50. A. M. Hussein, M. Eldosoky, M. El-Shafey et al., “Effects of metformin on apoptosis and α-synuclein in a rat model of pentylenetetrazole-induced epilepsy,” Canadian Journal of Physiology and Pharmacology, vol. 97, no. 1, pp. 37–46, 2019. View at Publisher · View at Google Scholar
  51. M. del Carmen Rubio Osornio, V. C. Ramírez, D. Calderón Gámez, C. P. Tres, K. G. Carvajal Aguilera, and B. V. Phillips Farfán, “Metformin plus caloric restriction show anti-epileptic effects mediated by mTOR pathway inhibition,” Cellular and Molecular Neurobiology, vol. 38, no. 7, pp. 1425–1438, 2018. View at Publisher · View at Google Scholar · View at Scopus
  52. W. Löscher, “Critical review of current animal models of seizures and epilepsy used in the discovery and development of new antiepileptic drugs,” Seizure, vol. 20, no. 5, pp. 359–368, 2011. View at Publisher · View at Google Scholar · View at Scopus
  53. M. Lévesque and M. Avoli, “The kainic acid model of temporal lobe epilepsy,” Neuroscience & Biobehavioral Reviews, vol. 37, no. 10, pp. 2887–2899, 2013. View at Publisher · View at Google Scholar · View at Scopus
  54. D. Reddy and R. Kuruba, “Experimental models of status epilepticus and neuronal injury for evaluation of therapeutic interventions,” International Journal of Molecular Sciences, vol. 14, no. 9, pp. 18284–18318, 2013. View at Publisher · View at Google Scholar · View at Scopus
  55. Ö. Bektaş, A. Yılmaz, A. H. Okcu, S. Teber, E. Aksoy, and G. Deda, “A type of progressive myoclonic epilepsy, Lafora disease: a case report,” Eastern Journal of Medicine, vol. 18, no. 1, pp. 34–36, 2013. View at Google Scholar
  56. D. Yan, E. Zhao, H. Zhang, X. Luo, and Y. Du, “Association between type 1 diabetes mellitus and risk of epilepsy: a meta-analysis of observational studies,” vol. 11, no. 3, pp. 146–151, 2017. View at Google Scholar
  57. I. C. Chou, C. H. Wang, W. D. Lin, F. J. Tsai, C. C. Lin, and C. H. Kao, “Risk of epilepsy in type 1 diabetes mellitus : a population-based cohort study,” Diabetologia, vol. 59, no. 6, pp. 1196–1203, 2016. View at Publisher · View at Google Scholar · View at Scopus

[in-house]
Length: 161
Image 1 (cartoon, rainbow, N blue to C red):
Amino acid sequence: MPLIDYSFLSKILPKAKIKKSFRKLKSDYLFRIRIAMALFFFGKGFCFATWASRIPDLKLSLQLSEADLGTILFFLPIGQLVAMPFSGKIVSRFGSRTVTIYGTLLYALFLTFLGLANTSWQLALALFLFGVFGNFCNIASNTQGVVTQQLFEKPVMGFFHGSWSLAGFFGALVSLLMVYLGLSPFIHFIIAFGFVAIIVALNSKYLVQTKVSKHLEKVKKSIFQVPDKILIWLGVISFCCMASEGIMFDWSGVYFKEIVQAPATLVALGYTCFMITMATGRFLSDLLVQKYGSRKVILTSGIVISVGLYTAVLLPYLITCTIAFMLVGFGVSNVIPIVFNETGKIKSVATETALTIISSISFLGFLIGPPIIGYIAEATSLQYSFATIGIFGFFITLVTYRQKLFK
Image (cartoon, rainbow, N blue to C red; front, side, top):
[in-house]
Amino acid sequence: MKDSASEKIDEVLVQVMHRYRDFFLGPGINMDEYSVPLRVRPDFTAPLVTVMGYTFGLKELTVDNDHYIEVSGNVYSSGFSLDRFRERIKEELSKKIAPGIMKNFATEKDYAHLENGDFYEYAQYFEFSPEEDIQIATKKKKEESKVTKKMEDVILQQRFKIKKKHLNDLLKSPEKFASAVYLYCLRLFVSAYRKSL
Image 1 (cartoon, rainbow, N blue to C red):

58. M. Baviera, M. C. Roncaglioni, M. Tettamanti et al., “Diabetes mellitus: a risk factor for seizures in the elderly—a population-based study,” Acta Diabetologica, vol. 54, no. 9, pp. 863–870, 2017. View at Publisher · View at Google Scholar · View at Scopus
  59. R. M. Kaminski, M. A. Rogawski, and H. Klitgaard, “The potential of antiseizure drugs and agents that act on novel molecular targets as antiepileptogenic treatments,” Neurotherapeutics, vol. 11, no. 2, pp. 385–400, 2014. View at Publisher · View at Google Scholar · View at Scopus
  60. B. L. Clossen and D. S. Reddy, “Novel therapeutic approaches for disease-modification of epileptogenesis for curing epilepsy,” Biochimica et Biophysica Acta (BBA) - Molecular Basis of Disease, vol. 1863, no. 6, pp. 1519–1538, 2017. View at Publisher · View at Google Scholar · View at Scopus
  61. J. S. Farrell, M. D. Wolff, and G. C. Teskey, “Neurodegeneration and pathology in epilepsy: clinical and basic perspectives,” in Neurodegenerative Diseases, pp. 317–334, Springer, 2017. View at Publisher · View at Google Scholar · View at Scopus
  62. J. L. Loewen, M. L. Barker-Haliski, E. J. Dahle, H. S. White, and K. S. Wilcox, “Neuronal injury, gliosis, and glial proliferation in two models of temporal lobe epilepsy,” Journal of Neuropathology & Experimental Neurology, vol. 75, no. 4, pp. 366–378, 2016. View at Publisher · View at Google Scholar · View at Scopus